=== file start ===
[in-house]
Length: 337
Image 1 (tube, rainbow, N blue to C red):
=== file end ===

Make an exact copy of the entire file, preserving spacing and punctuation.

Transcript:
[in-house]
Length: 337
Image 1 (tube, rainbow, N blue to C red):